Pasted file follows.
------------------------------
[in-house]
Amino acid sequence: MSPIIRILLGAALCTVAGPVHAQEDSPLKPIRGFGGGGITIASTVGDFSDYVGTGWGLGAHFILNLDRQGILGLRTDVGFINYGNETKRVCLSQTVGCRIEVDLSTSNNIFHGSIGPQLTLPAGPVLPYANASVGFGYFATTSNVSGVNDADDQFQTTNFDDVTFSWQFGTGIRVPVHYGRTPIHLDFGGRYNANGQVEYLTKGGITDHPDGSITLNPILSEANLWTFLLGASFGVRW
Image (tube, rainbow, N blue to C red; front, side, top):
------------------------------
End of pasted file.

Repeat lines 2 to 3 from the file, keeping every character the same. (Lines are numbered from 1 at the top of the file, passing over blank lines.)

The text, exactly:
Amino acid sequence: MSPIIRILLGAALCTVAGPVHAQEDSPLKPIRGFGGGGITIASTVGDFSDYVGTGWGLGAHFILNLDRQGILGLRTDVGFINYGNETKRVCLSQTVGCRIEVDLSTSNNIFHGSIGPQLTLPAGPVLPYANASVGFGYFATTSNVSGVNDADDQFQTTNFDDVTFSWQFGTGIRVPVHYGRTPIHLDFGGRYNANGQVEYLTKGGITDHPDGSITLNPILSEANLWTFLLGASFGVRW
Image (tube, rainbow, N blue to C red; front, side, top):